Renters and housing justice campaigners from across England have come together to launch a national renter manifesto ahead of the General Election.
Generation Rent has identified 47 seats in England with a higher than average private renter population and a parliamentary majority of less than 5000 votes.
In these seats, which include those of Cabinet ministers Robert Buckland (South Swindon), Theresa Villiers (Chipping Barnet) and Alok Sharma (Reading West), private renters could cast the deciding vote.
Written by Generation Rent, London Renters Union, ACORN, New Economics Foundation, Renters’ Rights London and Tenants Union UK, the manifesto calls for radical reform of private renting and a transformation of the housing system – including the abolition of section 21 evictions, the introduction of rent controls and an end to discrimination of tenants on housing benefit.
“The security of home ownership is closed off to millions of people who cannot save when their wage increases are simply swallowed up by the rent,” said Dan Wilson Craw, Director of Generation Rent.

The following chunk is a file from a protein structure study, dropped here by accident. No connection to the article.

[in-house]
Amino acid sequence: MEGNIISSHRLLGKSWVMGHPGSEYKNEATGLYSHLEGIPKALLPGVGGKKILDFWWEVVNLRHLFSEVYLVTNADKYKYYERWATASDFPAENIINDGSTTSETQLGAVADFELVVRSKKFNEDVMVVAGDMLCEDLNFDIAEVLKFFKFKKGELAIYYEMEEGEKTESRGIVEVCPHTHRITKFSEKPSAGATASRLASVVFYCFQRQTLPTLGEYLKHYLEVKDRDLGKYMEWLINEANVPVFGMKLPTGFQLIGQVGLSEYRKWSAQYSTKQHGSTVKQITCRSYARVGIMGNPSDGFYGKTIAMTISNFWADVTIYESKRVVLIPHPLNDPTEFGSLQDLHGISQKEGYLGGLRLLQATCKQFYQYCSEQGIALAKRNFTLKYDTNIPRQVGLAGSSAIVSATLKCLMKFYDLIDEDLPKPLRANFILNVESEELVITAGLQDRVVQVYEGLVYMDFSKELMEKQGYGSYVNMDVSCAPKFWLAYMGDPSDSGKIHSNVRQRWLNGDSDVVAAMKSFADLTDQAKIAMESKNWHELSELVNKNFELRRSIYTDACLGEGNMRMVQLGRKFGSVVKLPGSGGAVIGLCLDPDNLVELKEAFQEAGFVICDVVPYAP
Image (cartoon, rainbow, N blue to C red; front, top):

“Private renters are growing older and raising children in insecure, expensive homes, and will be thinking about this on the way to polling stations on 12 December.
“Any party that wants to run the country must offer renters stable and affordable homes, and this manifesto sets out how to deliver that,” he said.
England’s private rented sector is home to 11 million people and one in four families.
The manifesto cites stats showing one in seven private rented homes is unsafe and high rents mean just 63% of private tenants have savings.
“Private renting is broken – unaffordable, insecure and often unsafe.
“This manifesto outlines the policies we need to fix our housing system, and improve conditions for the millions of private renters in the UK.
“The demand for change on private renting is growing, and the size of the renters vote is hugely influential – political parties would be foolish to ignore this,” said Miatta Fahnbulleh, Chief Executive, New Economics Foundation.
Nick Ballard, National Organiser of ACORN Community Union said the next government must cap rents at 30% of local income, put a stop to the” financialisation” of housing and create a national database of landlords and rents to ensure decent, dignified and affordable housing for all.”
Amina Gichinga, of London Renters Union said: “At this election, the UK’s 11 million renters urgently need rent controls so that no one has to pay more than a third of their income on rent. We need a housing system that works for people not profit.”